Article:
·        1517 Martin Luther and Lutherans  – page 35

·        1530s King Henry VIII and Church of England (AKA Anglican) –page 22

·        John Calvin and Calvinism –page 22

Tip: For believers in a religion and for nation-states, religion was a reason:

·        To kill each other in Europe and in the New World

·        To try—for some nation-states--to try to convert Native Americans to their faith


These religions will splinter into different groups. (Optional and handwritten: content in the 4th column of the table as a hierarchical chart—something a student requested and I drew for him.)  Link Address: http://www.cjbibus.com/0500BC_1650s_Religious_Splintering.jpg

Tip: To understand future events, notice:

·        Differences between the religions in their Major Beliefs and in their Organization.

·        Which religious groups go to the English colonies and to what part of those English colonies?


6.      Representative Native Americans before Columbus arrived (thus the term Pre-Columbian)

·        Algonquians and Iroquois in North America. This area is frequently called the Eastern Woodlands because it was East and had Woods (trees) and was very fertile.—Page 10 (a map). They will be part of the events later in Unit 1 with the French and the English.

·        1519 Aztecs and the Spanish conquistadores, especially Hernán Cortés—Page 14-18

If you want more information about Native Americans, there is an optional resource at the bottom of this webpage. Click Ctrl-End to move there quickly.

7.      Columbian Exchange (It is an exchange, but do notice how much the Native Americans lost in that exchange.) – pages 13-14

8.      Spain in the Americas in the years that follow

·        You have looked at one of the nations that will come to North America. Three more will come. Pause for a second and click on the links to start to notice how the 4 are different and then look at the remaining three. Comparing their traits shows you will win the struggle for North America. Tip:  Realize how much is going on and where (Look, think, but do not memorize.)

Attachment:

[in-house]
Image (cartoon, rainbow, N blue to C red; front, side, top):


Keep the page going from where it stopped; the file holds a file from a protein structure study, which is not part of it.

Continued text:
·        Without answers for self-testing: Major Issues in Colonization: Comparing Spain, France, England, and the Netherlands  Link Address: http://www.cjbibus.com/1500_1700_Major_Issues_Colonization_Answers_forselftesting.htm

·        With answers for observing patterns: Completed Table Comparing Spain, France, England, and the Netherlands Link Address: http://www.cjbibus.com/1500_1700_Major_Issues_Colonization_Answers.htm

9.      French beginnings

·        When do they start to come? 1608, with the first colony at Quebec - page 77

·        Where in the Americas? – See the map below this link with French areas marked. They are in Canada and down the interior rivers, such as the Mississippi and go all the way to New Orleans.

·        Role of religion – The French do not let Protestants leave France to move to their new world colonies in the beginning so their colonies in the Americas do not grow.  - page 77.

·        In the interior, the coureurs de bois (runners of the woods), young men who migrated, did fur trading. – page 78
Think about it: you do not

·        Relationship with the Native Americans? Allies in war – page 77. Partners in trade -– page 78


10.   Dutch (the name for people from The Netherlands) beginnings

·        When do they start to come? 1623-1624, with their colony at New Amsterdam - page 77

·        Where in the Americas? – See the map below this link with Dutch colony marked.

·        Role of religion - Protestant - religious war by Spain against the Dutch until 1648 – page 41-42


11.   English beginnings

·        When do they start to come? 1585, with the failed colony of Roanoke - page 22

·        Where in the Americas? – See the map below this link with English colony marked. They will be along the Atlantic seacoast

·        Role of religion – Became Protestant in the late 1520s with Henry VIII – page 22--and then struggles at home between the Catholics and Protestants that abated with his daughter Elizabeth I – page 23

·        Initial action pirates who went after Spanish shipping of gold (English term “sea dogs”) – page 22

·        The shift -  1588 defeat of the Spanish Invincible Armada – page 23


If You Want More about Native Americans – as with other things in this course I had a student ask for this.


Copyright C. J. Bibus, Ed.D. 2003-2019


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History – Dr. Bibus